/ 11 July 2021

South Africa remains under Covid-19 alert level four, with minor changes

South Africa Under Lockdown Amid New Virus Strain
Alcohol remains prohibited under level 4 restrictions. (Dwayne Senior/Bloomberg via Getty Images)

South Africa remains under adjusted alert level four as infections continue to rise, with an average of 20 000 cases daily over the past two weeks and more than 16 000 people testing positive on Sunday. 

President Cyril Ramaphosa addressed the nation on Sunday night, two weeks after the country moved to adjusted level four.  

The president raised another that has dominated the news cycle and social media over the past few days — violence and looting.

Key infrastructure, trucks transporting goods and property is being destroyed. “These acts are endangering lives and damaging our efforts to rebuild the economy,” he said.

Without naming any specific group Ramaphosa said: “It is of concern to all South Africans that some of these acts of violence are based on ethnic mobilisation.”

He said the rule of law protects against the abuse of power. “Let us be clear, as a nation, that we will not tolerate acts of criminality.”

Regarding the pandemic, Ramaphosa said that based on the advice from the Ministerial Advisory Committee and National Coronavirus Command Council, the provinces had decided to keep the country at level 4 for another 14 days. 

This means that from Sunday at midnight until 25 July, the following measures are in place:

  • All social, political, religious and other gatherings remain prohibited;
  • The nationwide curfew remains from 9pm to 4am and non-essential establishments will close by 8pm; 
  • It remains mandatory to wear a mask in public;.and
  • The sale of alcohol, both for on-site and off-site consumption, is prohibited

“We know that restrictions on alcohol sales reduce the number of admissions at hospitals and emergency rooms with alcohol-related trauma, such as motor vehicle accidents and interpersonal violence,” said Ramaphosa. “Alcohol abuse is also associated with gatherings and non-adherence to public health regulations.”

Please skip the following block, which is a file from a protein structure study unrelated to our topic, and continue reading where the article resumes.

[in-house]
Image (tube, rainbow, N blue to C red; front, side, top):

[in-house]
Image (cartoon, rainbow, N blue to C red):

The ban on alcohol aims to help ease the pressure on hospitals.

The following adjustments were made to level 4 regulations and will come into effect on Monday, 12 July: 

  • Schools will remain closed for a week longer until 26 July;
  • Restaurants can now operate with numbers restricted to 50 people at a time and smaller venues can host half of their normal capacity; 
  • Gyms and fitness centres can operate but must follow all health protocols; and 
  • Agricultural livestock and game auctions will be allowed.

Support measures

Ramaphosa said the threat of a prolonged period of “uncontrolled infections” was of “far greater economic damage than the restrictions put in place”, but acknowledged the consequences of these regulations on households and incomes.

For this reason the Covid-19 Temporary Employee Relief Scheme to sectors affected by the adjusted level four restrictions will be reintroduced.

Furthermore, business licenses and permits that expired between March 2020 and June 2021 will remain valid until 31 December 2022. “New business licenses or permits that are issued from 1 July will also be valid until 31 December 2022, and no license fees will be payable,” said Ramaphosa. 

Last week, the wine body, Vinpro, the Restaurant Association of South Africa and the South African Breweries expressed renewed concern about the negative economic effect the alcohol ban has on the alcohol and hospitality industry. 

Following Ramaphosa’s address, the association said on Facebook that it “is thankful to the South African government and the cabinet for recognising the integrity and hard work of the restaurant industry and allowing our industry to open our doors”. 

Third wave

The country has more than 200 000 active Covid-19 cases and in the past two weeks more than 4 200 people have died, the president said.

“Infections are rapidly increasing in the Western Cape, Limpopo, North West, KwaZulu-Natal and Mpumalanga. Our health system countrywide remains under pressure.” 

Gauteng accounts for more than half of new infections and, as of Sunday, the province had 772 196 cumulative cases, which marks 35% of the total national number. 

Hospital admissions nationwide are next week expected to reach the levels observed during the peak of the first and second waves. 

Ramaphosa said the national vaccination programme is expanding at a rapid pace. 

“Over 4.2-million people in South Africa have received a vaccine dose, with one million of these having been done over the past week. The pace of vaccination has more than doubled in the last month and will continue to increase.” 

Registration for people aged between 35 and 49 will open on 15 July and vaccinations will start on 1 August. 

Ramaphosa said the availability of vaccine doses had been a problem in South Africa and on the continent but this was being addressed. An agreement with the African Union and the European Union would improve the supply of vaccines. Aspen will deliver more than 17-million Johnson & Johnson doses to the continent from late july and the number will double monthly from October. 

In addition, negotiations are underway for the drug to be produced in South Africa, “so that we have a fully-owned African vaccine manufactured on African soil in a number of countries”.

He added that the range of vaccines was also being addressed with the South African Health Products Regulatory Authority to approve other vaccines.